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Revitalizing Endangered Languages

Edited by Justyna Olko & Julia Sallabank

Revitalizing Endangered Languages "This guidebook provides ideas and strategies, as well as some background, to help with the effective revitalization of endangered languages. It covers a broad scope of themes including effective planning, benefits, wellbeing, economic aspects, attitudes and ideologies."

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Academic Paper

Title: The Complexity Principle at work with rival prepositions
Author: Günther Rohdenburg
Linguistic Field: Historical Linguistics; Syntax
Subject Language: English
Abstract: The present corpus-based study deals with eight sets of rivalling prepositions in verb-dependent prepositional phrases. The two or three members of these sets, though equivalent in specific uses, differ in terms of functional explicitness. For instance, in directional uses, into can be regarded as more explicit than in. The main objective is to demonstrate for each of these sets that, in line with the Complexity Principle, the more explicit items are favoured in more complex grammatical environments. The contexts under scrutiny include those produced by passivisation, Heavy NP Shift, object relativisation, the use of full object NPs rather than personal pronouns, and preposition stranding. Thus, we observe that – compared with basic active clauses – preposition stranding in the active induces increased shares of the more explicit prepositions in question. Predictably, even higher degrees of prepositional explicitness are found with the combination of preposition stranding and passivisation. Also, it is shown that Heavy NP Shift tends to trigger greater proportions of the more explicit prepositions than object relativisation. The observed tendencies hold for Present-day English and earlier stages of English as well as for morphologically related and unrelated rival prepositions.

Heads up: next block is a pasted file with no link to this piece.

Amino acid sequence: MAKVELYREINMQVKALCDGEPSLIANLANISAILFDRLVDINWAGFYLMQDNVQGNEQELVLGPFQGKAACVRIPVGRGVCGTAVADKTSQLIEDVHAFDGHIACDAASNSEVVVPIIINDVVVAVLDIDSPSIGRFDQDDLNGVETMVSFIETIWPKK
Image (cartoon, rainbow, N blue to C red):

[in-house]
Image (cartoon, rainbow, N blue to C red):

This article appears IN English Language and Linguistics Vol. 24, Issue 4, which you can READ on Cambridge's site .

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